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Vasectomy

The testes are two organs within the scrotum, just below the penis. Their main function is to produce sperm and the male hormone testosterone.

Sperm produced in the testes is carried up into the body in two tubes called the "vas deferens" (one on the left and one on the right side of the body) to be mixed with other fluids and become part of the semen pushed out of the penis during ejaculation.

A vasectomy is a highly effective form of birth control that prevents sperm from becoming part of the semen by interrupting its flow up from the testes through the vas deferens.

Vasectomy is performed under local anesthetic in a procedure that typically takes less than an hour:

Vasectomy surgery involves numbing the area near the scrotum with local anesthesia, pulling a segment of each vas deferens outside the body through tiny incisions or punctures in the scrotum, cutting each tube and then sealing it, either by tying it off, sewing it shut or cauterizing it with heat. Each of the vas deferens is then tucked back into the body to heal.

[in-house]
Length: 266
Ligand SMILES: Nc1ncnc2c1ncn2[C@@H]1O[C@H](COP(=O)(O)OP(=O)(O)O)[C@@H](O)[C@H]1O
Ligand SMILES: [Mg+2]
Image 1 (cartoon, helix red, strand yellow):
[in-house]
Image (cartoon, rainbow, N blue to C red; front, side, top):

Note that because sperm make up only a tiny amount of seminal fluid by volume, men do not ejaculate noticeably less after having a vasectomy.

After a vasectomy, sperm may continue to appear in semen for up to three months and/or twenty ejaculations. It is therefore important that three months following surgery, patients confirm two negative (zero-sperm) semen samples before discontinuing alternative birth control methods.

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